Question What's a good time during the year to build a PC? (planning next build)

Inquisition8

Member
Nov 15, 2018
34
1
71
Hi All,

I'm going to be building a new PC and retiring my current one as a backup/hand-me-down to my son. I'm specifically going to be building this for the purpose of gaming - Starfield & Diablo 4 (both due out sometime next year). I'm going to be building just the box and in the immediate future looking to max out settings at 2560x1440. I have a nice 165hz 32" LG screen and I don't think I really need 4k yet, but may upgrade to it. I don't have a specific price range, but I'm not looking for super high end, just a good build with solid upgrade potential. Based on my last build I assume it'll run me somewhere between $2-3k. For hardware, I'm thinking something along the lines of:

Intel i9
32GB DDR5
1TB nVME
1TB SSD (backup)
NVIDIA 3x or 4x series?
May explore water cooling

I'm not in a hurry to build a system, but I'd like to have it ready to go by the time the games launch and I'm fine with building it early. I'm debating on whether it's better to take advantage of Black Friday deals or wait however many months and then just buy whatever is available at that point. What do you recommend? Should I drop coin on parts that are good deals around BF time and possibly even put it together then, or wait until a more definitive timeline is given for either of these titles? If I can/should get parts early, which ones should I look to acquire first vs. waiting? I assume if I find a good deal on a case I like for example I should get it then since it won't age really.

Normally I don't plan ahead like this, but with GPUs becoming scarce during COVID I don't want to be left without gear when the games release - just in case there's some other kind of fiasco.

TIA
 

Spydermag68

Platinum Member
Apr 5, 2002
2,580
74
91
From what I have heard the current Intel chips run hot and some YouTubers have been showing a bracket that helps with is problem. The next gen Raptor Lake should be better on heat and should work better with DDR5 since it is Intel's second DDR5 compatible CPU.

1TB nVME - works great for a boot drive and some games.
1TB SSD (backup) - You might see if you can get a larger SSD for backup.

Currently GPUs are at MSRP and dropping. Both NVidia and AMD are going to launch new ones this year. NVidia, from all the rumors, will keep best gaming GPU crown at the cost of a lot more power. AMD will improve over last gen and have less power draw.

For water cooling you can go AIO the easiest or full custom loop. If you go custom then check out JayzTwoCents for the basics on water cooling. Just watch a lot of video on how to build a custom loop. You can also buy a air pressure kit to test to see if your loop can hold water with out leaking.

You might want to look into EKWB for some parts. They only have selected water blocks for specific video cards. They most likely will not have one right way for 40 series cards.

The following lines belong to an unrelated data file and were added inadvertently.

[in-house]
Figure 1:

------------------------------
I have been planning my next computer build since December when I found a case that I liked. I got a pre-order discount on the Lian Li 011 Dynamic Evo. Ever since then I have been using camelcamelcamel.com to check prices against Amazon. I also have some other price trackers on other sites. I got everything except the MB, CPU, Memory, and power supply. If you are wondering I am waiting for Zen 4 to drop in 33 days.

I could buy Zen 3 3800 3DX and be very happy about that, but I tend to hold onto my computers for a long time. Yep. I am still an rocking a Skylake CPU.

I am going with a custom loop to water cool my CPU. My first time to do this and have gone with XH305i RGB Pro from amazon. If you bought each thing from the kit separately it would cost about $600. I got it on sale for $500 using camel. I have also bought more matching fans using camel and Amazon. I bought single fans and was able to get 4 fans for the price of a 3-pack of the same fan.

For storage I am using 1 1TB nVME OS drive , 1 4TB SSD for games and programs and an 8TB HD bulk storage.

My build will be top of your budget or more.
 

Tech Junky

Golden Member
Jan 27, 2022
1,785
613
96
Intel i9
32GB DDR5
1TB nVME
1TB SSD (backup)
NVIDIA 3x or 4x series?
May explore water cooling
Firs of all you don't need an I9 unless you like to waste money. 12700K/13700K would be fine depending on if you wait for RPL or not in a couple of months. There's not really much difference though when it comes to gaming since the heavy leg work is done by the GPU anyway.

LC is a gimmick as Air works fine even on a $50 SE-226-XT w/ dual fans keeps my 12700K at room temp and cools quickly when it's done with a load which might hit 50C.

Dual NVME drives is a good thing since you have plenty of slots for them on current boards. There's also no need to spend $500+ on a DDR5 board as there's no real benefit to DDR5 at this point. The DDR5 tax is about $200 between the board / RAM.

If you're weary about a GPU get a 3060 for under $400 to tide you over until things shake out in the market between inventory gluts and death of mining. The new models coming out will be retail priced according to demand but, probably around $1K+ for the top of the line models.

As to the best time to buy / build... depends on what you're geared for. FALL is when new CPU's hit the market and within a few months they drop in price by ~20% along with board prices. BF is just retail's way to make you think you're getting a deal as the prices ramp up prior to the sales. They're not losing money to sell in bulk to consumers.